I’m afraid that this is selective use of an extract from time series data which would almost warrant a place in the Guardian’s “Bad Science” column. It is true that in the three years to the end of 2010 average earnings fell behind the CPI, but that is because we are in the first period which has seen a sustained fall in real wages since the 1920s!
It is true to say that we can be certain that pension earned in previous years will be revalued by CPI+1.5% each year, but over the long run it is very likely that average earnings will increase by more than this. For example, the assumptions upon which our NHS pension calculator were based were that; “Future AWE is assumed to be 1.5% above RPI. For the projection of pension from retirement, future RPI is assumed to be 4.6% pa (in line with September 2010 RPI), and future CPI is assumed to be 3.6% pa, i.e. 1% lower than RPI. (Actual CPI as at September 2010 was 3.1% pa.)”
So, whilst our commentary on the NHS Pension Framework Agreement does not foresee average weekly earnings climbing significantly about the CPI for some time, our published assumption about the long term is that average weekly earnings will tend to increase by 2.5% more than CPI (1.5% above RPI which is estimated to be 1% above CPI). This is consistent with the long term experience of increasing labour productivity reflected in increasing real earnings, and the world would be a bleaker place even that it already is if trade unions did not hope and expect that we shall get back to increasing real wages!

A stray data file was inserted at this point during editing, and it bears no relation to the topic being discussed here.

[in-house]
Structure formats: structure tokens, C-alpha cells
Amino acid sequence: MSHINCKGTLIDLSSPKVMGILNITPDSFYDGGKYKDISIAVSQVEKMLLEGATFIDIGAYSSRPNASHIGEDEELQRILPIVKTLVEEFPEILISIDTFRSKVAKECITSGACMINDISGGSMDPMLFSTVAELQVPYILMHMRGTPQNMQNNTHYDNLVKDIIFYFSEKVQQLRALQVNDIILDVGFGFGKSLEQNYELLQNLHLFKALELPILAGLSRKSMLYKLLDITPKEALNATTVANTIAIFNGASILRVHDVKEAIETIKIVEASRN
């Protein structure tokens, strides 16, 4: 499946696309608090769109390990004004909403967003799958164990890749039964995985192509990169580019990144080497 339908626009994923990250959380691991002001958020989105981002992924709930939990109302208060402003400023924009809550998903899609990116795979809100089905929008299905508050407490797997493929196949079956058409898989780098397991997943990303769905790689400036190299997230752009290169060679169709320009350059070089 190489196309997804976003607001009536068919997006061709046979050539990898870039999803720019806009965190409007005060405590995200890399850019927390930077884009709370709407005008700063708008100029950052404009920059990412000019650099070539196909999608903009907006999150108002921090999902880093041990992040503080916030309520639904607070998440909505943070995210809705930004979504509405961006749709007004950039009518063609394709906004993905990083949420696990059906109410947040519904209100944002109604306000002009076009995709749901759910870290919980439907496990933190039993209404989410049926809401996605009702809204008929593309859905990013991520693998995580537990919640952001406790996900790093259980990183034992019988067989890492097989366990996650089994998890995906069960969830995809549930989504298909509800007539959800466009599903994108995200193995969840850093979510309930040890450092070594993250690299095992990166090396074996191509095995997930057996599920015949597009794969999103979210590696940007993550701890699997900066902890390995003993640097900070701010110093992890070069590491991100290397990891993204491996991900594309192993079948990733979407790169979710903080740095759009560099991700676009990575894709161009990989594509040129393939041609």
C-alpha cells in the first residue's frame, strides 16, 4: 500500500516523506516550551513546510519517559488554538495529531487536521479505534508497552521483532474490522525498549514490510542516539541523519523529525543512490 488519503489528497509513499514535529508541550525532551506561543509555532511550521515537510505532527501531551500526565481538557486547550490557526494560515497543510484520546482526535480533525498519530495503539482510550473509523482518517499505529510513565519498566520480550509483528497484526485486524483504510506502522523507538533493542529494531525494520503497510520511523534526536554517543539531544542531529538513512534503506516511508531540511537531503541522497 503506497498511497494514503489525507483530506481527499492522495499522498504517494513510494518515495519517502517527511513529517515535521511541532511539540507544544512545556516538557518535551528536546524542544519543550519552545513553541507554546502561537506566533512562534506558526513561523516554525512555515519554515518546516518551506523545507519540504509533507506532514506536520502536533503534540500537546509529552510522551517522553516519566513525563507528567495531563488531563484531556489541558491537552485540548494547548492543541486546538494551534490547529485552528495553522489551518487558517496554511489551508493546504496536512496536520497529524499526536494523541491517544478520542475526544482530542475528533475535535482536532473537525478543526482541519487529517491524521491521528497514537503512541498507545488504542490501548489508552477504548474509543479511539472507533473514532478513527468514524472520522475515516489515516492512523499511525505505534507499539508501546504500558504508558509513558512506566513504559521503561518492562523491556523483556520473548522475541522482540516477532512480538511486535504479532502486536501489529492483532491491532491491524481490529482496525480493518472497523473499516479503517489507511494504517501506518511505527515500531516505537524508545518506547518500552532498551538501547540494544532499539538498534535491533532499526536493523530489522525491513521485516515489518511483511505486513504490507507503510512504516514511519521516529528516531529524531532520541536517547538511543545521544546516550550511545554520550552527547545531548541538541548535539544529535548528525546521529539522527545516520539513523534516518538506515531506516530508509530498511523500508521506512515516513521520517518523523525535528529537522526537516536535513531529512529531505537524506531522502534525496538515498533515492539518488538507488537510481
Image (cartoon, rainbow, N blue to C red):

The fact that the revaluation factor in a career average pension scheme may fall behind increases in average earnings does not necessarily make the scheme bad, there is a trade off to be made between accrual rates and revaluation rates, and there are winners and losers in any different way of balancing these two elements of a Career Average Revalued Earnings (CARE) pension scheme.
We are told that this is the “best that can be achieved by negotiation” and the Health Service Group Executive (SGE) on 10 January will have to make a judgement about a pension scheme with an accrual rate of 1/54th and a revaluation rate of CPI+1.5% because that is what on the table. Shrill denunciation will be of little help, an even handed commentary upon the current offer would be.
What is disappointing about the commentary at the moment is that it does not acknowledge the interplay of the accrual and revaluation rates. It applauds the (favourable) shift in the accrual rate (compared to the reference scheme) whilst obfuscating the (clearly related) change to a (less favourable) revalution rate. The decisions our SGEs have to make about pensions are serious decisions deserving an even-handed presentation of the facts, not an attempt to “sell” an offer which falls so very far short of achieving the objectives for which our members took strike action. The current presentation of the arguments around accrual and revaluation rates in the commentary runs the risk of being seen to be encouraging acceptance of the offer.
Taking account of the adverse changes to the normal retirement age for those too young for the transitional protection and the fact that the Framework Agreement accepts the use of CPI to uprate pensions in payment, I can see why an increasing number of our members in health may fell the approach being put to our members in Oxfordshire may be the right way to go.